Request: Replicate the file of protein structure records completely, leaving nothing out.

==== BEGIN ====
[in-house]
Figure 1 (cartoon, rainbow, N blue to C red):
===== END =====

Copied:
[in-house]
Figure 1 (cartoon, rainbow, N blue to C red):